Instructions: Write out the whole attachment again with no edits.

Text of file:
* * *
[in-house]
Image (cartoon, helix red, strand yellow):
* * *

[in-house]
Image (cartoon, helix red, strand yellow):